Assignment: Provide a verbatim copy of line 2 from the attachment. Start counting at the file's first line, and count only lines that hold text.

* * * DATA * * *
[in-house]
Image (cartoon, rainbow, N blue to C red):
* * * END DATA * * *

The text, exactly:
Image (cartoon, rainbow, N blue to C red):